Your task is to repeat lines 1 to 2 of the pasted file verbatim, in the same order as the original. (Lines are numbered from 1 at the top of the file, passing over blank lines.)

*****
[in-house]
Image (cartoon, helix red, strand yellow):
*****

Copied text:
[in-house]
Image (cartoon, helix red, strand yellow):